• Online Science Resources

    Online Science Resources

Whirly Tubes

  • Exploration

Activity Length: 

10 mins.

Resource Topic: 

  • Energy
  • Sound


I believe that the Bernouli

I believe that the Bernouli Principal does not apply here and that the air moves through the whirly tube due to centrifugal force.

Thanks, Mark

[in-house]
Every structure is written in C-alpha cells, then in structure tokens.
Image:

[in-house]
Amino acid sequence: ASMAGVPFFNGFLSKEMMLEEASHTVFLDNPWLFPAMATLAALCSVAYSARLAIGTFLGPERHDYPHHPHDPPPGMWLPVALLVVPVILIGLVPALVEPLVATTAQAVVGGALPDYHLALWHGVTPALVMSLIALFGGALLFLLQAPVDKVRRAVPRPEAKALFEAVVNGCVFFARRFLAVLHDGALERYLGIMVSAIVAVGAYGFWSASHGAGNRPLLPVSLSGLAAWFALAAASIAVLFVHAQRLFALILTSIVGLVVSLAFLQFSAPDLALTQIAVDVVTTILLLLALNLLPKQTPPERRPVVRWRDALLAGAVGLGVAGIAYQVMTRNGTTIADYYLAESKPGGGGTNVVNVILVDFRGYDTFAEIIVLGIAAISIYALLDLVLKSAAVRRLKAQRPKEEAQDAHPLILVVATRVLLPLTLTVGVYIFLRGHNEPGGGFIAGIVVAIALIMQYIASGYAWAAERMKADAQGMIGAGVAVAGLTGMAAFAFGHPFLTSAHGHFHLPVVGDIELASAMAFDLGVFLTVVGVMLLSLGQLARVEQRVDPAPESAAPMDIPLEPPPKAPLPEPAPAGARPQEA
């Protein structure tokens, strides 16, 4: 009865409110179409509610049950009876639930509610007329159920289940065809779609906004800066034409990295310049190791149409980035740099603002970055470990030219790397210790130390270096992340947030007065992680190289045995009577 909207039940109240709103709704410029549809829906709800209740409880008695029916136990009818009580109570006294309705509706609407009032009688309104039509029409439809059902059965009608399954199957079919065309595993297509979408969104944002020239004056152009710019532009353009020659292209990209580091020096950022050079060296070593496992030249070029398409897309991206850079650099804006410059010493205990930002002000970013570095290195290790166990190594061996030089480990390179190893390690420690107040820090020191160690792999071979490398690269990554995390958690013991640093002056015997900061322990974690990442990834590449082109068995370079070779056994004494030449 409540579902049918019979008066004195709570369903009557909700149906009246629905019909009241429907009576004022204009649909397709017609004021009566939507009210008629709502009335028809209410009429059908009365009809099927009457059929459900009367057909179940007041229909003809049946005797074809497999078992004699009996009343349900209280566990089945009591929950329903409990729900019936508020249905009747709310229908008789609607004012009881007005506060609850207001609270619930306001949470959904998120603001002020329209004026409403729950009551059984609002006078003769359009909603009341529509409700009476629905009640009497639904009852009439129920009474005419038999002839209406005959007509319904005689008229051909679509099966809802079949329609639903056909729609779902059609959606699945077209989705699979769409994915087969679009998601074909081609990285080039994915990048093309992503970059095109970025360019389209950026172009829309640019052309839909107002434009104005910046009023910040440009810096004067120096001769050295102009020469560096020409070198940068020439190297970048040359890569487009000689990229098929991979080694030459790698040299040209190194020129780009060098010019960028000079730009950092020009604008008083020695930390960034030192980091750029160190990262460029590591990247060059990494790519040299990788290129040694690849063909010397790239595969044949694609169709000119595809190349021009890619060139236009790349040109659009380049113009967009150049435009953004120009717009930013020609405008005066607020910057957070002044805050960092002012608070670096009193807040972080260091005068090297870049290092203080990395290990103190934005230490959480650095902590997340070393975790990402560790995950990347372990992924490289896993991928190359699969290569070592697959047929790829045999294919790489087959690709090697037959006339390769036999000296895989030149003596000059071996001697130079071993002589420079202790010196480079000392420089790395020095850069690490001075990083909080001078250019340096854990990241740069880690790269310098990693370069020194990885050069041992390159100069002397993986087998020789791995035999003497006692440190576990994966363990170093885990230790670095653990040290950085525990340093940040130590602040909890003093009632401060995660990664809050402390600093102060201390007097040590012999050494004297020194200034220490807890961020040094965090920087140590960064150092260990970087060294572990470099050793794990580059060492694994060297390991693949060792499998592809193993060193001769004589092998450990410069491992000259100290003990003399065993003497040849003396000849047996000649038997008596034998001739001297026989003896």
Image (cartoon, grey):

Thanks, Mark Centrifugal force isn’t really a kind of force. It’s a term used to describe, for example, the experience you have when you go around a corner in a car. Your body will move in a straight line unless something makes it turn; in this case, the car door pushes you around the corner and it feels like you’re “thrown to the outside”. The “thrown to the outside” feeling is what some people call “centrifugal force”. When you whirl the tube in this experiment, your hand is providing the force (officially called the centripetal force) that keeps the end of the tube moving in a circle. The air, on the other hand moves up through the tube and straight out the end. You can demonstrate this by holding the still end of the tube over a pile of tiny paper scaps. The scraps move up the tube and fly out the end. They aren’t being pulled in a circle at all – they’re being pushed through the tube by the higher pressure air at the still end. It’s the air moving through the tube, over the ridges, that creates the sound vibrations. You could try blocking the whirling end of the tube – do the little bits of paper still move into the tube? With the end blocked, the air in the tube is pulled in a circle. You are pulling on the tube, and the tube is pulling on the air. But although a molecule of air in the tube might feel “thrown to the outside” when the tube pushes it around the corner, you won’t hear any sound because the air isn’t moving through the tube.

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